9. Centralized Monitoring of Hospital Patients
Hospitals have long struggled with “alarm fatigue,” when
busy caregivers become desensitized to the constant noise
emanating from cardiac telemetry monitoring systems.
Reports indicate that up to 44 percent of inpatient car-
diac arrests are not detected appropriately. Centralized
monitoring has emerged as the answer, as part of a “mission control” operation in which off-site personnel use
advanced equipment, including sensors and high-definition cameras to monitor blood pressure, heart rate, res-
piration and more. Complex data are assimilated to trigger on-site intervention when appropriate while filtering
out unimportant alarms. In 2016, results from the CMU’s first 13 months of using the standardized criteria were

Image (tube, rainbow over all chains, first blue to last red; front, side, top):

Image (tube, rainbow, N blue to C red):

published showing that there’s real hope of reducing rates of redundant or less significant alarms while improv-
ing clinical outcomes. Since then, further innovation has yielded a system that can double the number of moni-
tored patients per technician, improve clinical outcomes, and decrease communication transit times.
10. Scalp Cooling for Reducing Chemotherapy
Newly diagnosed cancer patients have a lot to process.
For women, the inevitable loss of hair is often one of the
hardest. There is a new technology making its way to the
U.S. that is looking to eliminate this problem from some
patients’ lists of worries.
“Scalp cooling”—which works by reducing the temperature of the scalp a few degrees immediately before, during
and after chemotherapy—has been shown to be effective for preserving hair in women receiving chemotherapy
for early-stage breast cancer. The scalp cooling system was FDA approved in May 2017.
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